|Tania and Jeri with the teachers and elders of the community.|
|The two older gentlemen were among the first in the community to organize and create the original school.|
|These are some of the school teachers. All of these men were very interested in the books that we brought and in discussing the educational facilities in the US. There was one female teacher, but regrettably, we did not get a picture.|
When I asked the children what they wanted for their school, one boy asked for sports equipment. I was imagining a soccer ball regularly flying off the side of the mountain hundreds of feet to the river below. Another young man asked for a laboratory. They have science workbooks with standard lessons that they are supposed to get through to pass their levels, but they can only read about experiments because they don't have any equipment. I promised science books but I wasn't sure that I could provide a laboratory.
The teachers showed me three old donated computers that were no longer working. If they had modern lap tops, they would be able to get a satellite connection to the Internet, although it would be very costly. The children had helped to create a promotional video for the Italian biologists to generate donations in order to get their school built, but they have never been able to see the video.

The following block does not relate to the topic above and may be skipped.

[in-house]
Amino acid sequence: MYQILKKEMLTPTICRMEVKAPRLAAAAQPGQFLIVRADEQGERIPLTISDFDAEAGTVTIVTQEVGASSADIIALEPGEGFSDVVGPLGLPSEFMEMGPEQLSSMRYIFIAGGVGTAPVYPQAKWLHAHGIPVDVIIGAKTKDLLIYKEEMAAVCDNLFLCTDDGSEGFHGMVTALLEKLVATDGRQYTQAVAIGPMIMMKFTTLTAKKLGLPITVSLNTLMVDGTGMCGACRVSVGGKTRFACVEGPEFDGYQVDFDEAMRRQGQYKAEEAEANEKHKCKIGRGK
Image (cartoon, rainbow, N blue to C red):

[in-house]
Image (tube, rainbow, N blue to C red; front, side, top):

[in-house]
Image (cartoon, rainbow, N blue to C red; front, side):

This entire community has a passion for education! They have, without the help of government, figured out who to ask for help and how to get things accomplished. Their latest idea is that they will provide a house for a volunteer to come and teach English to their students. They can't provide food, or a salary, but they will gladly give the space and generously invite a foreigner to live among them in their community. If I were young and single again, I would do it in a moment. The offer is wide open, even if you have only two months of your time to share and no formal college education. Literacy is often the qualification for teaching school in Nepal. Let me know if you are interested, contact: email@example.com
Here is the situation that we encountered. These students have only government approved workbooks to learn from. The books that I carried to them were the first that they had had in the school. There was no library to contribute to. For most of us in the developed world, that is simply unimaginable. What is a school without books? But for people whose families might make only $1 a day, there are more important things to buy with that $1.
By the end of our discussion, I had a lot to figure out. For political reasons, it is not possible to make a direct financial contribution to anyone at the school. I had to find the proper channels to make good on my promises within the following week of our journey.
Leenie of Sidetrips for sending books. As well as my dear friend Sarah who also sent pencils. I also received useful photos of children from Australia and the US to share from Leenie, Irene and Sarah. They were fascinated by your books!
The pencils were particularly wonderful, because I was having trouble getting the children to come close to me until I pulled out the pencils, I did not see any pencil sharpeners, but I was assured that the students were accustomed to sharpening pencils with a sickle.
If you want to make a donation of books or money, contact me and I will put you in touch with the proper channels.